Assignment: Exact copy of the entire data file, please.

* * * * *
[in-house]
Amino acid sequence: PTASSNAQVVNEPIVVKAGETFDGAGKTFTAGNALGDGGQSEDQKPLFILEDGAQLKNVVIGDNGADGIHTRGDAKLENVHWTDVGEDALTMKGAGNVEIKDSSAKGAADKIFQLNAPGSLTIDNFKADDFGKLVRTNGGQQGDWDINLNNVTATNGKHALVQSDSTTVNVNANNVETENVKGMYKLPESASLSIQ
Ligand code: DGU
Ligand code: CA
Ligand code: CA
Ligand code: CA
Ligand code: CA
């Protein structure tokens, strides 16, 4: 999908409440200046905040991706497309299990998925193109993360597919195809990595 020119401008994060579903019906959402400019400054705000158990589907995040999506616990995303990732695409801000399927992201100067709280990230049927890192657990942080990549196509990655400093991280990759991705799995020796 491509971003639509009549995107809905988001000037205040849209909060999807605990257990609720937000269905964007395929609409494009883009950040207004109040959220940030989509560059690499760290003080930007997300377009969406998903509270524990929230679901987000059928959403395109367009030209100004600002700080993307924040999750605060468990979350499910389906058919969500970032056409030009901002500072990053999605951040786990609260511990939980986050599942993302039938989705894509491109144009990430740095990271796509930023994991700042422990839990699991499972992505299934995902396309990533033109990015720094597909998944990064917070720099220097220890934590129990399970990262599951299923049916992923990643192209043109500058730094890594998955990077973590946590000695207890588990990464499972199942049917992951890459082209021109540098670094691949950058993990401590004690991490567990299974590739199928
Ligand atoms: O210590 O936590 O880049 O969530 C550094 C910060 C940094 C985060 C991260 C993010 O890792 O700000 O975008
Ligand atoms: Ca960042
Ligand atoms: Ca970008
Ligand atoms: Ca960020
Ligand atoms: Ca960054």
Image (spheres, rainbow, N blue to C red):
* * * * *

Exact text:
[in-house]
Amino acid sequence: PTASSNAQVVNEPIVVKAGETFDGAGKTFTAGNALGDGGQSEDQKPLFILEDGAQLKNVVIGDNGADGIHTRGDAKLENVHWTDVGEDALTMKGAGNVEIKDSSAKGAADKIFQLNAPGSLTIDNFKADDFGKLVRTNGGQQGDWDINLNNVTATNGKHALVQSDSTTVNVNANNVETENVKGMYKLPESASLSIQ
Ligand code: DGU
Ligand code: CA
Ligand code: CA
Ligand code: CA
Ligand code: CA
């Protein structure tokens, strides 16, 4: 999908409440200046905040991706497309299990998925193109993360597919195809990595 020119401008994060579903019906959402400019400054705000158990589907995040999506616990995303990732695409801000399927992201100067709280990230049927890192657990942080990549196509990655400093991280990759991705799995020796 491509971003639509009549995107809905988001000037205040849209909060999807605990257990609720937000269905964007395929609409494009883009950040207004109040959220940030989509560059690499760290003080930007997300377009969406998903509270524990929230679901987000059928959403395109367009030209100004600002700080993307924040999750605060468990979350499910389906058919969500970032056409030009901002500072990053999605951040786990609260511990939980986050599942993302039938989705894509491109144009990430740095990271796509930023994991700042422990839990699991499972992505299934995902396309990533033109990015720094597909998944990064917070720099220097220890934590129990399970990262599951299923049916992923990643192209043109500058730094890594998955990077973590946590000695207890588990990464499972199942049917992951890459082209021109540098670094691949950058993990401590004690991490567990299974590739199928
Ligand atoms: O210590 O936590 O880049 O969530 C550094 C910060 C940094 C985060 C991260 C993010 O890792 O700000 O975008
Ligand atoms: Ca960042
Ligand atoms: Ca970008
Ligand atoms: Ca960020
Ligand atoms: Ca960054």
Image (spheres, rainbow, N blue to C red):